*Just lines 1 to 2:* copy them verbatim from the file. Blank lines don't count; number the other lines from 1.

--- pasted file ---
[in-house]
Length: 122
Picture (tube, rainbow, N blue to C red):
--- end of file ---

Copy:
[in-house]
Length: 122